Mellow Mushroom. Sure, Carytown has Mellow Mushroom, but Asheville’s MM is a kooky sight to behold. Go for the silly, and stay for the pizza.

Piazza Wood Fired Oven. Where the locals inhale pizza. 

Vinnie’s Neighborhood Italian. If you love authentic New York Italian, head to Vinnie’s on Biltmore Avenue. On Saturdays, arrive at five to avoid a wait because the word is out on Vinnie’s. Or visit on Mondays for half-off-bottle-of-wine night. Reviews rave about the food, ambiance, servers, and cocktails. Vinnie’s has two locations, and Vinnie’s South is closed on Tuesdays. 

Well Bred Bakery. Located in Biltmore Village. The Bakery specializes in bakery treats, salads, and tasty lunch fare. 

White Duck Taco. Great Mexican with three locations. The flagship is on the East Bank of the French Broad River. 

When You Go and Where You Stay!

Driving from the Richmond area to Asheville should take about six hours (with quick gas and potty stops). If only air will do, American, Delta, and United fly from Richmond International to Asheville Regional. The one-hour flight cost about $500 per person round-trip, but this will change and vary widely in the coming year. 

Broadly speaking, the weather in Asheville is quite temperate. March to May and September through early November, Asheville temps settle between the high fifties and the mid seventies – perfect weather for taking in Asheville’s beauty in the spring and the splendor of the foliage in the fall.

Asheville is festival central – lots of food trucks and fruity drinks.
Tour the arts districts and see art in action.
Relax and explore Asheville on your terms.

Are you planning a trip this summer? Don’t despair. Asheville’s July temps hover around eighty-four degrees (thank you, altitude!), while Richmond’s are more consistently in the nineties. Asheville’s rain is similar to Richmond’s, so pack the umbrellas and lightweight rain gear, just in case.

When it comes to lodging, some prefer a quality budget hotel and spending their hard-earned money on activities, while others don’t consider it a vacation if there’s no mint on the pillow. Still others look askance at hotels and want a more home-like setting (think, VRBO or Airbnb).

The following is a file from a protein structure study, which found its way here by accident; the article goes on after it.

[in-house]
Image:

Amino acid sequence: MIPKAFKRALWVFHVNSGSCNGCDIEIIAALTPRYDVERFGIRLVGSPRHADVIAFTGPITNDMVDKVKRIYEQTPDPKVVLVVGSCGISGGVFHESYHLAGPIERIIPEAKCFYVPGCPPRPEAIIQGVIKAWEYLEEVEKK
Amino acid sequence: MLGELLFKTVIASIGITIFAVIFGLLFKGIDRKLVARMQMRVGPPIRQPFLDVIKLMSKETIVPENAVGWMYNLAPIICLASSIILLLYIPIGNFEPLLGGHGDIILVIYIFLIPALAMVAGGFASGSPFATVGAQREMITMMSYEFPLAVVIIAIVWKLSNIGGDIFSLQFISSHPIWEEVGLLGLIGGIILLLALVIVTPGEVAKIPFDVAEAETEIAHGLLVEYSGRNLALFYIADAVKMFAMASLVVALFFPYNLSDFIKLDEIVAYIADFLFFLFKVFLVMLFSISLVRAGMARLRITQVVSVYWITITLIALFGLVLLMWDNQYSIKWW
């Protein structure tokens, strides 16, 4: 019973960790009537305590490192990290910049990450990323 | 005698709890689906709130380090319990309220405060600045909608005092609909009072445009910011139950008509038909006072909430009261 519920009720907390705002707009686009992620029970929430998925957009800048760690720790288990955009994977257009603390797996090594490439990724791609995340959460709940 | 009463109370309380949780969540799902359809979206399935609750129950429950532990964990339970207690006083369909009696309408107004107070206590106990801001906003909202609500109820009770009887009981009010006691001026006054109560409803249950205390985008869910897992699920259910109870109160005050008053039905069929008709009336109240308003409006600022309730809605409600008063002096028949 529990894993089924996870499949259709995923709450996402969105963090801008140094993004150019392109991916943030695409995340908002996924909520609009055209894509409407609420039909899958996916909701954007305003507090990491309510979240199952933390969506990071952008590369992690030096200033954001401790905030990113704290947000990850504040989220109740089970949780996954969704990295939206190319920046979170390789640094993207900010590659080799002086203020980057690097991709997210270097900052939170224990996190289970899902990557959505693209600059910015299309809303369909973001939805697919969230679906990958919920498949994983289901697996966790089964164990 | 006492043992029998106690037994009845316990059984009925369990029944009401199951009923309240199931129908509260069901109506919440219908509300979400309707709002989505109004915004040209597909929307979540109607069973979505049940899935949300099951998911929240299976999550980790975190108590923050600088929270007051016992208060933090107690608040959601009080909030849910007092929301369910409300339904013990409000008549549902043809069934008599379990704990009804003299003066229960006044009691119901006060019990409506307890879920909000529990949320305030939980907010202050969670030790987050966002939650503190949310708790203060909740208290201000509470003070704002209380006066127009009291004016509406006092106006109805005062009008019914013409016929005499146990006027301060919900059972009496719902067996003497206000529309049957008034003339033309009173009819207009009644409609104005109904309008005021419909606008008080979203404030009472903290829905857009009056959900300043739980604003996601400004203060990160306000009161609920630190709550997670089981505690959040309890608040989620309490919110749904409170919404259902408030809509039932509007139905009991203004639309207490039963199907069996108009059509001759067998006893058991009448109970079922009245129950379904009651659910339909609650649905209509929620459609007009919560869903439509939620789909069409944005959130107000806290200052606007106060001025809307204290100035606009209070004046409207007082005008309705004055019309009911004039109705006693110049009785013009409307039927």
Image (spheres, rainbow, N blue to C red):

Given the spectrum available in Asheville, it’s difficult (okay, impossible!) to include it all here. When you read this article under TRAVEL at,  you’ll see lodging options in and near the Biltmore Estate, as well as hotels in Asheville. 

And one more thing: Leaving behind a beloved pup when you travel is not fun. Do I have a solution for you! After a bit of research, I found Barkmore Park. This doggie daycare and boarding facility was perfect for our German shepherd River, who gives the Barkmore four paws. Each morning before we dropped him at the daycare, he’d do a happy dance in the back of the vehicle. (River is picky so this was new behavior.) In the end, River played at the daycare during the days, and we brought him back to our pet-friendly hotel at night. Highly recommend.

With that base covered, may I offer my best tip for staying at any schmancy resort while you’re vacationing? Only book a pricey overnight for days when you know you’ll be on the property to use the amenities. On days when you’ll be out and about, stay somewhere budgety, like a Hampton Inn. Otherwise you’re paying big bucks to snooze.

I know I’ve covered a lot of ground here, but that’s what makes this North Carolina city so special. If you merely give Asheville a passing glance, you’ll miss her many layers. Whether you’re planning a few days or a week or longer, once you dig deeper, you’ll find a small city buzzing with family-oriented activity. George Vanderbilt – the man who commissioned the Biltmore for his one-day family – would surely applaud!  

Photography: courtesy The Biltmore Company and

Wendy irvine is a family travel writer who recently relocated to the East Coast and a regular contributor to Trip Advisor and Expedia online, as well as local and national magazines. She homeschools her twin boys and lives with one foot in RVA and the other in Atlanta. Visit for more from Wendy on the reality of family travel.
Back To Top

There are reasons 17,000 families have signed up for the RFM eNews

Exclusive Contest Alerts | New Issue Reminders | Discount Codes and Savings